Bob Rees: Earl Wunderli’s Imperfect Book
Earl Wunderli wrote “An Imperfect Book: What the Book of Mormon Tells Us About Itself” (2013). Bob Rees discusses Wunderli and his book in his FairMormon Conference presentation.
Rees begins his review by showing a video (available on Youtube) by Richard Wiseman, entitled “Color Changing Card Trick”. In the video, two people are shown, with one performing a card trick for the other. Once done, the video is shown again, but this time pulled back to show the entire scene. Instead of focusing on the cards, one sees the two performers changing their shirt colors, the background color and the table cloth colors, things not noticed when the camera and our focus were on the cards.
Rees notes that while the card trick is an interesting one, it is only a small part of the whole picture. We see the same thing occurring with the Book of Mormon and Wunderli’s depiction of it. While Wunderli focuses on the minutiae, he completely misses what is going on in the big picture.
Rees notes that Wunderli seems to have made a “sincere attempt” at researching the Book of Mormon. As a lawyer, Wunderli attempts to place the Book of Mormon on trial in a court of law. And as its prosecutor, he is selective in his use of witnesses, making his case seem convincing that the Book of Mormon is a piece of 19th century fiction.
Wunderli brings up several issues that are very familiar to FairMormon audiences: the use of the KJV Bible, anachronisms, internal inconsistencies, geography, mythology, etc. Rees quotes Wunderli, “critics prefer evidence and reason over faith and prayer in finding truth.”
Here in lies one of the weaknesses of Wunderli’s book, according to Rees.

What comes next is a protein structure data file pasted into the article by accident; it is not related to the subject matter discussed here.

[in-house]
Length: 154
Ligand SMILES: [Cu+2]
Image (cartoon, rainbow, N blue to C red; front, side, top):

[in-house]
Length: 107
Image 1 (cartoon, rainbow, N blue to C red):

While using reasoning and the scientific method is valid in studying the Book of Mormon and its claims, so too is using spiritual methods. We are encouraged to use both heart and head in finding the truths and evidences of the gospel. Those who use both approaches see things differently than a person who uses just one or the other.
Rees explains that it is similar to how we view a poem. We can hold it up to the light, read it silently and then aloud, listen, ponder, and see it from many angles. Wunderli’s methodology would be to tie the poem to a chair and intensely interrogate it. You do get information from the interrogation, but miss the most important concepts regarding the poem. In some ways, this is not really being rational, but is substituting one flawed method for another.
Wunderli goes shallow in his research and methods. For instance, on inconsistencies in geography, he notes two verses in the Book of Mormon. Two inconsistencies, according to him, show that the Book of Mormon is seriously flawed. Looked at another way, however, and we see how incredibly consistent the Book of Mormon is on its geography. Rees notes that the two inconsistencies in geography are in sections compiled by Mormon, centuries after the actual events, and more likely to be in error than something written originally by Nephi.
Rees notes (as did Kerry Muehstein earlier) that we all need to challenge our assumptions. If we start from a certain perspective and then just look for those things that support our view, we miss out on the bigger picture. Worse, we end up with a twisted world view.
He notes that Wunderli dismisses chiasmus as common place and found everywhere. Rees contends that this is not as apparent as Wunderli believes. Rees compared Joseph Smith’s writings with many of his contemporaries: Emerson, Whitman, and several others. He noted that these others spent years preparing to be the great writers they became. Meanwhile, Joseph Smith wrote the Book of Mormon in 90 days, while having mobs harass him and being forced to move on several occasions. While an Emerson may be able to compose a a classic writing over a period of months in his quiet writing room, Joseph had no such luxury.
When one begins from a doubting world view and then seeks only those evidences that will support that limited world view, you end up with a book like Wunderli’s Imperfect Book.